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Elrena Evans

Highest Calling

Raising children is the most important work we do for the Kingdom of God. Isn't it?

I was in the middle of an email to Leslie Leyland Fields, whose latest book is titled Parenting Is Your Highest Calling: And Eight Other Myths That Trap Us in Worry and Guilt, when I noticed it was quiet. Too quiet.

My not-quite-two-year-old son was napping peacefully, but I'd been working alongside a stream of chatter from my three-year-old daughter—and I noticed, all of a sudden, that her chatter had stopped. My fingers paused on the keys. Should I go and check up on her? Does "quiet" indicate "trouble?" Or do I assume she's all right for a few more minutes, and finish my email?

I voted to keep writing. When I was done I went in search of her, and found her sitting on the floor in the bathroom. She'd squirted out an entire tube of diaper rash ointment and smeared it all over her feet and legs—and, by extension, everything within about a six foot radius of where she was sitting.

"What on earth are you doing?" I asked.

She looked up at me, and extended a foot.

"So you can wash my feet," she said. "Like Jesus and Peter."

Like Jesus and Peter, indeed. I picked her up and washed her feet, a variant on the verse from John running through my head: Then, Lord, not just my feet but the floor, the sink, the tub, and the toilet as well! When I finished, I set her down and went back to turn off my computer, as my son had woken up from his nap in the meantime. I wasn't sure if the song I was humming as I went to pick him up was The Servant Song, or I Wanna Be Sedated.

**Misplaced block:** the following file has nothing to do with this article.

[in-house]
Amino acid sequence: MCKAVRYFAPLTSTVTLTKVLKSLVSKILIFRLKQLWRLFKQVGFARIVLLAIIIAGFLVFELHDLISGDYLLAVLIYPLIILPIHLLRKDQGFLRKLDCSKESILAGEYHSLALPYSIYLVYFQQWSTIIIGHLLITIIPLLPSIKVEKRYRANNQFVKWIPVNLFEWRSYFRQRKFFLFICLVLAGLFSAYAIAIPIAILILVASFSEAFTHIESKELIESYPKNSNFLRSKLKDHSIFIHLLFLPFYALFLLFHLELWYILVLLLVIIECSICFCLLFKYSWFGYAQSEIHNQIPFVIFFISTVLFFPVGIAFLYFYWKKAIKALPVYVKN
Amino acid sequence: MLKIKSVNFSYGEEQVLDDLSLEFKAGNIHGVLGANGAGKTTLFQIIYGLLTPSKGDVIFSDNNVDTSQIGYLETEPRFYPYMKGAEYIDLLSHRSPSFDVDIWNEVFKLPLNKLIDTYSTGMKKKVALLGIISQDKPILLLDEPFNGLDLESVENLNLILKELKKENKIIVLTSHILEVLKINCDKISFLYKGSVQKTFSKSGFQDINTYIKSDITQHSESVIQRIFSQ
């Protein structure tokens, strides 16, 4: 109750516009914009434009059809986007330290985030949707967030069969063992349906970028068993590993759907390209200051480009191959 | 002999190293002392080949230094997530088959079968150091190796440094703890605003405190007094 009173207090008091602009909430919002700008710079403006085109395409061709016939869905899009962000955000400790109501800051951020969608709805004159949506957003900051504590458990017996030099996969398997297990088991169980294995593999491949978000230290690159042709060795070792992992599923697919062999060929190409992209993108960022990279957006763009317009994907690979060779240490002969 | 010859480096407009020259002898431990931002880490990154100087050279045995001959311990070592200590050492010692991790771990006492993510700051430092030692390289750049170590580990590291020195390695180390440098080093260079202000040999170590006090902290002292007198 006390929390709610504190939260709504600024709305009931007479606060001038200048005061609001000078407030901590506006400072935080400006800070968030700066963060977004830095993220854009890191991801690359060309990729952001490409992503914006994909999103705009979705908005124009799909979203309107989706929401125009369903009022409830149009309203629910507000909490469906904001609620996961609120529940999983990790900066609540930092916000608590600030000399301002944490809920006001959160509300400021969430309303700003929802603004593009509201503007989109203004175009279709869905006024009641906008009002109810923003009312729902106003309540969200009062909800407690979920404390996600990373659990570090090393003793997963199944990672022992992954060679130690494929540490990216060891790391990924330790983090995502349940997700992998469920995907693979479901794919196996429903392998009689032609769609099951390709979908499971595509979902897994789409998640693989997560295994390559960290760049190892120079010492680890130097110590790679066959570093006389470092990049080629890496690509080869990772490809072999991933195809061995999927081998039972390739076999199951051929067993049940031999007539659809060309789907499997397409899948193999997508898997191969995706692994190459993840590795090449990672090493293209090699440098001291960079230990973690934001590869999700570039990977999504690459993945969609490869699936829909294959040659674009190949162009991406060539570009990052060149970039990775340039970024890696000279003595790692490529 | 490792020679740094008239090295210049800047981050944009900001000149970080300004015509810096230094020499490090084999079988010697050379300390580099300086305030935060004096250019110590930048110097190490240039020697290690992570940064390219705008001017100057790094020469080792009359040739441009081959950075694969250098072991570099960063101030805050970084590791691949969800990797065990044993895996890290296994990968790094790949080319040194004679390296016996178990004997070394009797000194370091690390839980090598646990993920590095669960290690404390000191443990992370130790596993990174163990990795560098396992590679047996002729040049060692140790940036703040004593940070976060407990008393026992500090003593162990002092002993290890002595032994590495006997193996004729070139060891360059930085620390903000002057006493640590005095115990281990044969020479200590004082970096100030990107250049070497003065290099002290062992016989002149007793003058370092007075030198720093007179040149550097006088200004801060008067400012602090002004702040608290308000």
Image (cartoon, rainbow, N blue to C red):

Leslie Leyland Fields is no stranger to these moments that make up the journey we call parenting. A mother of six, Leyland Fields is also an educator, a commercial fisherwoman, and the author of five books—including Parenting Is Your Highest Calling. She opens her newest book with an idyllic scene: her husband and six children grouped around her, reading from the Scriptures, ending their day in prayer. "But if I'm honest," she writes, "I have to tell of other moments." She then goes on to paint an entirely different picture, children fighting, tempers flaring, chaos. On one particularly difficult day, Leyland Fields writes, a nagging series of questions kept running through her mind: "Why wasn't I a more joyful and loving mother? Why were my children so lacking? Why did I always feel like a failure? And how could I pray honestly about all this to God? He's never been a mother or a parent!"

Questions like these are all too familiar to parents, particularly mothers. In a Focus on the Family survey cited in the book, the most frequent comment made by poll responders who were mothers was "I'm a failure as a mother." Why is this? Leyland Fields tackles this question somewhat indirectly in her book, but the primary underpinning of her writing rests on her question about God's understanding of the parenting journey. "I realized," she writes, "that God did indeed know how it felt to be a parent. I mean know not because of his omniscience, but know, as in lived, experienced, felt. Know from the inside out. God knows how I feel as a parent because he himself is a parent."